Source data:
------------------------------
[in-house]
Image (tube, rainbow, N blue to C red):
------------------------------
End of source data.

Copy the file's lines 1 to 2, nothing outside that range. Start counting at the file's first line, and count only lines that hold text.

[in-house]
Image (tube, rainbow, N blue to C red):